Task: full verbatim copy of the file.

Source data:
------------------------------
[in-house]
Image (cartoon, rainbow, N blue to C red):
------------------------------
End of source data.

[in-house]
Image (cartoon, rainbow, N blue to C red):